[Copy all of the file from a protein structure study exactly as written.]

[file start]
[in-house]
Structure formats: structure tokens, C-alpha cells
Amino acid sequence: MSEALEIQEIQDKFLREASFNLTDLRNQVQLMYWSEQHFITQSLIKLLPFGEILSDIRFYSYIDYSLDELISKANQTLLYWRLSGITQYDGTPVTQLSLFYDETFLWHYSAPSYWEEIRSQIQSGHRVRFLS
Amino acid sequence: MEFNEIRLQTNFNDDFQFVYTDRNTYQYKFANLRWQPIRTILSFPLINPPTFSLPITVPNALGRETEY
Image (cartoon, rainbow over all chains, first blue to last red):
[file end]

[in-house]
Structure formats: structure tokens, C-alpha cells
Amino acid sequence: MSEALEIQEIQDKFLREASFNLTDLRNQVQLMYWSEQHFITQSLIKLLPFGEILSDIRFYSYIDYSLDELISKANQTLLYWRLSGITQYDGTPVTQLSLFYDETFLWHYSAPSYWEEIRSQIQSGHRVRFLS
Amino acid sequence: MEFNEIRLQTNFNDDFQFVYTDRNTYQYKFANLRWQPIRTILSFPLINPPTFSLPITVPNALGRETEY
Image (cartoon, rainbow over all chains, first blue to last red):